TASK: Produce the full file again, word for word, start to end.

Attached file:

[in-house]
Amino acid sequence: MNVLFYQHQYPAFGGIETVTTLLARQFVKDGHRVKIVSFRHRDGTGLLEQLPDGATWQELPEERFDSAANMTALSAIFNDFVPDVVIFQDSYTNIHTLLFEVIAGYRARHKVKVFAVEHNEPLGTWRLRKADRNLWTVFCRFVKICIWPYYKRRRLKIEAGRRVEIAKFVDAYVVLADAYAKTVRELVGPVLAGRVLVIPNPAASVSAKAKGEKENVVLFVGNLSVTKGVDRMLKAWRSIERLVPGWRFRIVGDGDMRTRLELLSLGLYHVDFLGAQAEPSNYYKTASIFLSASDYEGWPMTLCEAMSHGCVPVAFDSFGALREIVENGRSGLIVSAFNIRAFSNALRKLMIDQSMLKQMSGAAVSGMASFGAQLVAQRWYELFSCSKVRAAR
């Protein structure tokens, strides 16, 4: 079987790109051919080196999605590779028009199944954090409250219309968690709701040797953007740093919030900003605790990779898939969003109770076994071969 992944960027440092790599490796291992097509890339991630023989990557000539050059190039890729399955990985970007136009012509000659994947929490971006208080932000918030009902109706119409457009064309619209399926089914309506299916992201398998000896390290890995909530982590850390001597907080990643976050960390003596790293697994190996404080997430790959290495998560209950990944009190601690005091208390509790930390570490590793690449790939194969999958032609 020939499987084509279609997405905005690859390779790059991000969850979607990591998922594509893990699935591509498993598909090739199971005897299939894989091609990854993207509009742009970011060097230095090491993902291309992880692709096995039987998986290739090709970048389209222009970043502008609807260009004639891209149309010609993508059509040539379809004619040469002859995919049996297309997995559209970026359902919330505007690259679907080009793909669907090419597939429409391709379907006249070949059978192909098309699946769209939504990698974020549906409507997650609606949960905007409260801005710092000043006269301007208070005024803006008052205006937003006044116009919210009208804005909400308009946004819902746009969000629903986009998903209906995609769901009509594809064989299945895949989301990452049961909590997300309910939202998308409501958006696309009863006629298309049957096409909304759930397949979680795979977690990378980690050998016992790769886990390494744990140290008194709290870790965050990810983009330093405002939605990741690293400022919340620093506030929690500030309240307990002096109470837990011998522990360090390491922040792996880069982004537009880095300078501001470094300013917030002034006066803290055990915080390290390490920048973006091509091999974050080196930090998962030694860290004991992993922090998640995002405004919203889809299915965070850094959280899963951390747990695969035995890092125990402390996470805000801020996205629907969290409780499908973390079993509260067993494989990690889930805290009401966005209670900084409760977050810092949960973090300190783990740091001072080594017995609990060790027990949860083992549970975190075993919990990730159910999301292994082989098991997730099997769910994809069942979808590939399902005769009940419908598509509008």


[in-house]
Amino acid sequence: MNVLFYQHQYPAFGGIETVTTLLARQFVKDGHRVKIVSFRHRDGTGLLEQLPDGATWQELPEERFDSAANMTALSAIFNDFVPDVVIFQDSYTNIHTLLFEVIAGYRARHKVKVFAVEHNEPLGTWRLRKADRNLWTVFCRFVKICIWPYYKRRRLKIEAGRRVEIAKFVDAYVVLADAYAKTVRELVGPVLAGRVLVIPNPAASVSAKAKGEKENVVLFVGNLSVTKGVDRMLKAWRSIERLVPGWRFRIVGDGDMRTRLELLSLGLYHVDFLGAQAEPSNYYKTASIFLSASDYEGWPMTLCEAMSHGCVPVAFDSFGALREIVENGRSGLIVSAFNIRAFSNALRKLMIDQSMLKQMSGAAVSGMASFGAQLVAQRWYELFSCSKVRAAR
């Protein structure tokens, strides 16, 4: 079987790109051919080196999605590779028009199944954090409250219309968690709701040797953007740093919030900003605790990779898939969003109770076994071969 992944960027440092790599490796291992097509890339991630023989990557000539050059190039890729399955990985970007136009012509000659994947929490971006208080932000918030009902109706119409457009064309619209399926089914309506299916992201398998000896390290890995909530982590850390001597907080990643976050960390003596790293697994190996404080997430790959290495998560209950990944009190601690005091208390509790930390570490590793690449790939194969999958032609 020939499987084509279609997405905005690859390779790059991000969850979607990591998922594509893990699935591509498993598909090739199971005897299939894989091609990854993207509009742009970011060097230095090491993902291309992880692709096995039987998986290739090709970048389209222009970043502008609807260009004639891209149309010609993508059509040539379809004619040469002859995919049996297309997995559209970026359902919330505007690259679907080009793909669907090419597939429409391709379907006249070949059978192909098309699946769209939504990698974020549906409507997650609606949960905007409260801005710092000043006269301007208070005024803006008052205006937003006044116009919210009208804005909400308009946004819902746009969000629903986009998903209906995609769901009509594809064989299945895949989301990452049961909590997300309910939202998308409501958006696309009863006629298309049957096409909304759930397949979680795979977690990378980690050998016992790769886990390494744990140290008194709290870790965050990810983009330093405002939605990741690293400022919340620093506030929690500030309240307990002096109470837990011998522990360090390491922040792996880069982004537009880095300078501001470094300013917030002034006066803290055990915080390290390490920048973006091509091999974050080196930090998962030694860290004991992993922090998640995002405004919203889809299915965070850094959280899963951390747990695969035995890092125990402390996470805000801020996205629907969290409780499908973390079993509260067993494989990690889930805290009401966005209670900084409760977050810092949960973090300190783990740091001072080594017995609990060790027990949860083992549970975190075993919990990730159910999301292994082989098991997730099997769910994809069942979808590939399902005769009940419908598509509008």